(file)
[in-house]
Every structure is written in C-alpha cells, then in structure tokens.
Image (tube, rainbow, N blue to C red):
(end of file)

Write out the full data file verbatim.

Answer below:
[in-house]
Every structure is written in C-alpha cells, then in structure tokens.
Image (tube, rainbow, N blue to C red):